Bailey Grim, collections services manager for the Kansas City, Kansas, Public Library.
Bailey Grim, collections services manager for the Kansas City, Kansas, Public Library, says that only about 6% of nonfiction books in the KCK system fall into the religion/spirituality category. (Contributed)

And similar in some ways to the human spirit collection at the Plaza Library, the main branch of the KCK Library has a special collection called the Kansas Room that Grim says includes photos and other material “about local religious institutions.”

Representatives of several area public library systems consistently say they do their best to avoid their personal interests and opinions when they pick resources for patrons.

“When thinking about purchasing materials that fall into the religion and spirituality section,” says Grim, “we approach it the same way as we would approach a lot of our material in the nonfiction section. Our top priority as a public library is we want high quality, we want our money’s worth and we want materials with a long life. We also want titles that are of high interest to our patrons and we want materials that are accurate.”

Clark adds this: “We do not make content decisions. We don’t assign value. We try to keep everything as objective as possible about any book we select. It is important for us to leave any personal values outside. We leave that up to our community of readers and users.”

These materials don’t make up anywhere close to a majority of what area public libraries acquire. Grim, for instance, says only about 6% of nonfiction books in the KCK system fall into the religion/spirituality category. Deborah Stoppello, who helps oversee acquisitions for the Kansas City Public Library, says costs for such books are just “a small segment of the budget.”

Although there’s certainly a demand for such materials, Clark notes that “this area is not as in demand as our cookbooks are.”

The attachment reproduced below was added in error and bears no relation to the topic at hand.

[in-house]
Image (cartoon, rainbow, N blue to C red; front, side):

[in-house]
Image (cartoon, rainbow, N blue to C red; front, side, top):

But as library employees seek to give patrons access to the foundational sacred texts of various religious traditions, they’ve noticed something odd.

“Books like the Bible, the Quran and other spiritual books or alternative ones like on palmistry, those tend to go missing quite a lot,” says Stoppello. So library systems must have extra copies to replace stolen or lost items.

“It’s essentially the cost of doing business,” she says.

Clark at the Mid-Continent Library also says that “we do replace our Bibles and Qurans fairly regularly,” but much of that is because the texts get too worn and because it’s “important to have books on our shelves that are clean and fresh.”

When public libraries buy books and other religious materials, they must think locally. As Stoppello explains: “I can’t buy everything. So I have to look at my community. If we were a predominantly Jewish community, we would probably see more books about Judaism. Same if we were mostly a Hindu or a Muslim community. Be we’re not. We’re predominantly a Christian community. So we ask, ‘What are people asking for and expecting to find on our shelves?’”

But she adds this: “We have everything from Scientology to the Bible.”

That range is a welcome indication of a good public library.

Bill Tammeus, an award-winning columnist formerly with The Kansas City Star, writes the “Faith Matters” blog for The Star’s website and book reviews for The National Catholic Reporter and for The Presbyterian Outlook. His latest book is “Love, Loss and Endurance: A 9/11 Story of Resilience and Hope in an Age of Anxiety.” Email him at wtammeus@gmail.com.